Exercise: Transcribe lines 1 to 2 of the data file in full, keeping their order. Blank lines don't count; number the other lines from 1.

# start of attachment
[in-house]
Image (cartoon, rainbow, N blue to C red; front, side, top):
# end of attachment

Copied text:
[in-house]
Image (cartoon, rainbow, N blue to C red; front, side, top):